During the Victorian period, all men were expected to serve in the British army for a fixed number of years. They were needed to support and protect the British Empire.
The Crimean War took place between October 1853 and 1st February 1856. Britain, France and Turkey were fighting against Russia over an area of land called the Crimean Peninsula, beside the Black Sea.
On 25th October 1854, the Battle of Balaclava took place. During the battle, the British 'Light Brigade' of cavalry charged the main Russian army by mistake. Out of 673 men, there were 278 casualties.
In Britain, there were newspaper reports of the terrible conditions that thousands of soldiers wounded in the war were suffering at the Barrack Hospital in Scutari, Turkey:
- they had to lie on bare floors;
- they were given only one meal a day to eat;
- the food was often old and rotten;
- there were no toilets;
- there were rats running around the wards;
- the place was dirty and smelly.
In these conditions, diseases such as: typhus, cholera and dysentery spread quickly. As a result, the death rate amongst wounded soldiers from their infections was very high.
Two ladies became famous for the work they did to improve the situation and look after the soldiers:
- Florence Nightingale travelled to the Barrack Hospital to become a nurse after she felt God had called on her help. Along with her team of nurses, she made conditions there better by: making up rules to keep it clean, improving the water supply and making sure that there was enough food for the soldiers to eat. The soldiers called her the ‘lady with the lamp’ as she would go around the wards at night carrying a lamp to check on them. On return to Britain she was deemed a heroine for her work to reduce the death rate at the hospital and became the first ever woman to receive the Order of Merit as a reward for her work.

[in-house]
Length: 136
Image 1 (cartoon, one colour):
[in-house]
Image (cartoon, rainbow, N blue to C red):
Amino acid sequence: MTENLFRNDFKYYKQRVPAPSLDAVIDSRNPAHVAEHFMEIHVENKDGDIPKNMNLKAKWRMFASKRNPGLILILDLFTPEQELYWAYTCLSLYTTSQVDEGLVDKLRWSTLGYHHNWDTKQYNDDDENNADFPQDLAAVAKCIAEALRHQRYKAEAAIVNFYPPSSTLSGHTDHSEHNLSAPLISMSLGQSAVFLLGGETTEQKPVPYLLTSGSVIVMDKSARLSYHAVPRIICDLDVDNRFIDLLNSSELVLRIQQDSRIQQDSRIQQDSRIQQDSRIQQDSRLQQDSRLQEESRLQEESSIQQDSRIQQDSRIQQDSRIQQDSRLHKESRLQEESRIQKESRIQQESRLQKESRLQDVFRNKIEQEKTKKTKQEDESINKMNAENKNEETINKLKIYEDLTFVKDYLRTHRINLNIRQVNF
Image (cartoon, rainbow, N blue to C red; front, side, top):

- Mary Seacole travelled to the Crimea on her own after being turned down by the military because of her ethnicity. There she opened a shop called the British Hotel which was built using salvaged materials, near a place called Balaclava where a big battle took place. She sold many things including: tins of soup, boots and tooth powder. She also helped the wounded soldiers on the battlefield and they called her ‘Mother Seacole’ for her bravery. On return to Britain she wrote a book about her life called The Wonderful Adventures of Mrs Seacole in Many Lands.
The Crimean War is sometimes called the first ‘modern’ war, since the weapons and tactics had never been seen before and affected all other wars after it. In particular, the Enfield rifled musket was used for the first time on a battlefield.